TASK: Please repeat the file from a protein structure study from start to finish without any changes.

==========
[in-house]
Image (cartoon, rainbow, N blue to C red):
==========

[in-house]
Image (cartoon, rainbow, N blue to C red):